Those damn sneaky rocks...

Those damn sneaky rocks...

2.     Rocks in water – The shoreline is dotted with black stones that stick out of the water and make for a great photo. However, some of these aren’t large enough to peak above the waves and remain hidden underneath the water. This doesn’t pose too much of a problem during the daytime, but at night, they can be quite treacherous. 

I was stupid enough to go swimming at night (with a friend) after a few drinks. After a nice swim, I decided it was time to head back to shore. Little did I know we had drifted over a few feet. As I absent-mindedly frolicked back to shore, I suddenly felt a pain in my right thigh. I was crashing up against a patch of rocks, and the waves were dragging me across them! “Rocks!” I screamed, as my friend helped me up and to safety. Thank goodness I wasn’t swimming alone, because as I had started panicking a bit. I left with three huge bruises and a gaping wound in my knee. Once I cleaned the blood off it wasn’t so bad, but I could see how it could have ended worse.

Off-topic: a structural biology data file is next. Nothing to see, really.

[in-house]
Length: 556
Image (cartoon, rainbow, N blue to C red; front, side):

Looks comfy to sleep on, right?

Looks comfy to sleep on, right?

3.     Sand fleas – The sand fleas we have in the United States can be bothersome – the sand flies in Thailand are downright demonic. They didn’t seem to bite much during the day, but after a few hours of sleeping on the beach, my legs were covered. Was I sleeping on the ground? No, I napped on a lounge chair about 4 inches off the ground. Still, they attacked with the fury of 1000 Mongolian warriors attacking (who did they attack?)